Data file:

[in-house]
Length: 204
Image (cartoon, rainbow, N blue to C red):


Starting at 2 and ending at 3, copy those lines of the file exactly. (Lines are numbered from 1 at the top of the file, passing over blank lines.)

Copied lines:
Length: 204
Image (cartoon, rainbow, N blue to C red):